In algebraic geometry, the concept of a curve can be extended to discrete geometries by taking the spectra of polynomial rings over finite fields to be models of the affine spaces over that field, and letting subvarieties or spectra of other rings provide the curves that lie in that space. Although the space in which the curves appear has a finite number of points, the curves are not so much sets of points as analogues of curves in continuous settings. For example, every point of the form for a field can be studied either as , a point, or as the spectrum of the local ring at (x-c), a point together with a neighborhood around it. Algebraic varieties also have a well-defined notion of tangent space called the Zariski tangent space, making many features of calculus applicable even in finite settings.

The time scale calculus is a unification of the theory of difference equations with that of differential equations, which has applications to fields requiring simultaneous modelling of discrete and continuous data. Another way of modeling such a situation is the notion of hybrid dynamical system.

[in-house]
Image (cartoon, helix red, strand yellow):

- Outline of discrete mathematics
- Cyberchase, a show that teaches Discrete Mathematics to children

- ↑ Richard Johnsonbaugh,
*Discrete Mathematics*, Prentice Hall, 2008. - ↑ Weisstein, Eric W. "Discrete mathematics".
*MathWorld*. - ↑ https://cse.buffalo.edu/~rapaport/191/S09/whatisdiscmath.html accessed 16 Nov 18
- ↑ Biggs, Norman L. (2002),
*Discrete mathematics*, Oxford Science Publications (2nd ed.), New York: The Clarendon Press Oxford University Press, p. 89, ISBN 9780198507178, MR 1078626,Discrete Mathematics is the branch of Mathematics in which we deal with questions involving finite or countably infinite sets.